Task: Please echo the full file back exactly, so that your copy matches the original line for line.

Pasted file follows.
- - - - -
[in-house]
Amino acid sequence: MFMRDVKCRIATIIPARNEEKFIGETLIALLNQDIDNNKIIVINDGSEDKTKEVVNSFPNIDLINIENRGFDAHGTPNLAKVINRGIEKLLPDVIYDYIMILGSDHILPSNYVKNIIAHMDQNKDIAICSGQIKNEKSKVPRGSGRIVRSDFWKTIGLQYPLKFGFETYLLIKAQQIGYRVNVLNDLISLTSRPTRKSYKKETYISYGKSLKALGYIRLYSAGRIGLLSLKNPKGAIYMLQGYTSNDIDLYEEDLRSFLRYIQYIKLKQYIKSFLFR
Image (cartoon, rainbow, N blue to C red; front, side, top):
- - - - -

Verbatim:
[in-house]
Amino acid sequence: MFMRDVKCRIATIIPARNEEKFIGETLIALLNQDIDNNKIIVINDGSEDKTKEVVNSFPNIDLINIENRGFDAHGTPNLAKVINRGIEKLLPDVIYDYIMILGSDHILPSNYVKNIIAHMDQNKDIAICSGQIKNEKSKVPRGSGRIVRSDFWKTIGLQYPLKFGFETYLLIKAQQIGYRVNVLNDLISLTSRPTRKSYKKETYISYGKSLKALGYIRLYSAGRIGLLSLKNPKGAIYMLQGYTSNDIDLYEEDLRSFLRYIQYIKLKQYIKSFLFR
Image (cartoon, rainbow, N blue to C red; front, side, top):